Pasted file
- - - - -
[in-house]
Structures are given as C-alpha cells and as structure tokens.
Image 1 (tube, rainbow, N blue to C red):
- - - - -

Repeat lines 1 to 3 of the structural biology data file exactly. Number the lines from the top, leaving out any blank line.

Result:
[in-house]
Structures are given as C-alpha cells and as structure tokens.
Image 1 (tube, rainbow, N blue to C red):